April is National Donor Life Month, and U.S. legislators used the opportunity to introduce the Living Donor Protection Act. H.R. 5263 was introduced by Representative Jerrold Nadler (D-NY), and Representative Michael Burgess, MD (R-TX) to promote organ donation and protect the rights of living donors. This bill prohibits insurance companies from denying or limiting life, disability and long term care insurance and from charging higher premiums to living organ donors. The bill also clarifies that living organ donors may use time granted through the Family and Medical Leave Act (FMLA) to recover from transplant surgery and finally, the bill directs the department of Health and Human Services to add information on these new protections to its materials to encourage more Americans to consider living donation.

Employees of the federal government now receive 30 days paid leave for organ donation and seven days for bone marrow donation. Several states have already passed living donor legislation; California passed a law in 2010 that requires employers of any business that employs 15 or more to provide up to 30 days of paid leave for organ donation and permit employees to return to the same position or an equivalent position. Some states give employees up to 30 days leave (paid or unpaid) for serving as a living organ donor. Twelve states—Arkansas, California, Connecticut, Hawaii, Louisiana, Maine, Minnesota, Nebraska, New York, Oregon, South Carolina, West Virginia—and the District of Columbia have organ or bone marrow donor leave policies impacting private sector employees.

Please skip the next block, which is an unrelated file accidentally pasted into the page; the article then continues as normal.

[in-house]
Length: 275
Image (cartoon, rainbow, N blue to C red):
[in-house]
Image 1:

Likewise, the National Living Donor Assistance Center, managed by the American Society of Transplant Surgeons and funded by a grant from the federal Health Resources Services Administration, provides funding for donors who meet certain economic requirements. Checks are written to help cover hotel bills and travel expenses. Encouraging people to make the sacrifice of organ donation shouldn’t be hampered by whether it is affordable. Such individuals should not lose wages or pay expenses to help another.

To date, more than 139,000 living kidney donors have made lives better for thousands of people with kidney disease. But there is always the opportunity to do more. Let’s keep that Olympic stadium filled with more success stories.